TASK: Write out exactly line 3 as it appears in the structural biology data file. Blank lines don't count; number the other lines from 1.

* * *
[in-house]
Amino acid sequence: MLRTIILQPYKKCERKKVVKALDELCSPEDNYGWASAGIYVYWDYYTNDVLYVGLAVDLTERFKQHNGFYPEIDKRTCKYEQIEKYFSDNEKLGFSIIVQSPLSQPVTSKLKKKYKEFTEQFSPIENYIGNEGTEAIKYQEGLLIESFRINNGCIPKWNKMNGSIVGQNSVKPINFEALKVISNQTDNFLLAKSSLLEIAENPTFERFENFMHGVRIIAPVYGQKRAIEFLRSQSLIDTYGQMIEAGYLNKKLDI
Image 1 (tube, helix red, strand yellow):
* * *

Image 1 (tube, helix red, strand yellow):